internal policy requires the Superintendent to promulgate administrative
guidelines for providing intervention when students show warning signs of
troubling behaviors. (Dkt. 79, Ex. 1 at 29-30; Ex. 7). Superintendent Matthews
testified, however, that he had never promulgated such guidelines and did not know
whether his district has any. (Id.). Matthews further stated that he believed NCSD
has a system for transitioning students that teachers believe to be dangerous
between the elementary and middle schools, but added that he was unaware of the
system’s details because individual school principals administered it. (Id. at 30-32).
Principal Schriner, however, testified that NMS has no such transition system.
(Dkt. 79, Ex. 2 at 16). In addition, Assistant Principal Comb, in charge of discipline
at NMS, testified that it was the school’s practice not to check incoming or current
students’ past behavioral records. When asked whether he told Joe R.’s parents
To promote ease of reference, in this Order citations to page numbers in depositions refer
to the page numbers printed on the depositions, which contain four smaller pages on each
page of the electronic document. In all other materials, citations to page numbers refer to
the page numbers (but not the Page ID) that the Case Management/Electronic Case Filing
system assigns, which appear at the top of each page of the electronic document.
that he gave all students a “clean slate,” Mr. Comb acknowledged that he may have
said something like that, and added, “we don’t go dig into what a student may have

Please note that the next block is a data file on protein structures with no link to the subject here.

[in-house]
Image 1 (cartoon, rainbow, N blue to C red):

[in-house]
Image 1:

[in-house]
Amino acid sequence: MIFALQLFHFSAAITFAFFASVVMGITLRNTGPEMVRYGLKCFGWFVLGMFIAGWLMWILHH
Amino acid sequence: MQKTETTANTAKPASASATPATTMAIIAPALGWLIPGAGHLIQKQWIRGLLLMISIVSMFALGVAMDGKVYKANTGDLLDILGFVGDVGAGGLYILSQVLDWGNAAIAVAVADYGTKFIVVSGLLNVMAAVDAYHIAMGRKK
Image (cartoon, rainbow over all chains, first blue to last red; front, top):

done at a school before our school.” (Dkt. 79, Ex. 3 at 97-98).
J.J.’s Alleged Harassment of Joe R.
Plaintiffs allege that in or about September 2013, J.J. began sexually
harassing Joe R. (Dkt. 12 at 5). At that time, each boy was either twelve or thirteen
years old, 2 in seventh grade and received special education services. (Id. at 2, 4;
Dkt. 79 at 25). Joe R. qualified for special education support under the eligibility
category of Autism Spectrum Disorder. (Dkt. 79, Ex. 10 at 4). 3 J.J. qualified for
special education programming under the eligibility category of Emotionally
The only reference in the record to both J.J.’s and Joe R.’s ages at the time of the alleged
harassment appears in Plaintiffs’ motion for summary judgment, where it states that the
boys were “12-13” years old during the 2013-14 school year. (Dkt. 79). Plaintiffs’ amended
complaint, filed on December 22, 2014 states, “Joe R. is currently 13 years old.” The Court
thus does not know exactly how old each boy was in September 2013.
3 The American Psychiatric Association’s Diagnostic and Statistical Manual lists Diagnostic
Criteria for Autism Spectrum disorder as including persistent deficits in: social-emotional
reciprocity, non-verbal communication, and understanding relationships. THE DIAGNOSTIC
AND STATISTICAL MANUAL OF MENTAL DISORDERS, § 299.00 (Am. Psychiatric Ass’n 5th ed.
(2013). A report accompanying Joe R.’s 2012 Individualized Education Plan (IEP) states,
among other things, “Joe experiences difficulty participating in reciprocal conversation. He
also has a difficult time interpreting and using social cues which impacts his ability to
interact in an age appropriate manner with his peers […] Joe … does not understand or use